One by one, each of the two dozen wagons disgorged their books, dropping the precious texts onto the ground. By the end of the day, an enormous pile of Jewish writings covered the plaza. A crowd gathered to watch the conflagration as Louis IXs officials set the books on fire.
My tears formed a river that reached to the Sinai desert and to the graves of Moshe and Aharon, Rabbi Meir of Rothenburg, who was present at the scene, recalled later about that day. Is there another Torah to replace the Torah which you have taken from us? Sages designated a minor fast day in memory of this tragedy: the Friday before the Torah Portion Chukat is read in synagogue. This years fast day in memory of the Talmuds burning is Friday, July 3, 2020.
The Apotheosis of St. Louis, which stands in front of the St. Louis Art Museum, memorializes the city's namesake.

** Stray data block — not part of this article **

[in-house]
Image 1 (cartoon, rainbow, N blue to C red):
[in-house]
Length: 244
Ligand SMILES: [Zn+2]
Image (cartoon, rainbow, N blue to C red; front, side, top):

The fast day this year comes amid renewed attention about King Louis IX. After his death, he became a saint in the Roman Catholic Church. The city of St. Louis is named after him and some people are protesting his statue in that city. In addition to putting the Talmud on trial, King Louis IX also signed legislation to expel Jews from France (this was carried out by his successor King Phillip IV) and led the Seventh and Eighth Crusades, which also targeted Jewish communities. His legacy is a complex one.
Yet, as many people around the world debate Louis IXs legacy, some Jews will recall his reign in a much more personal way, fasting and praying and recalling the Trial of the Talmud that he oversaw, and the incalculable loss of Jewish scholarship that resulted.
View original post here:
Posted: at 10:25 am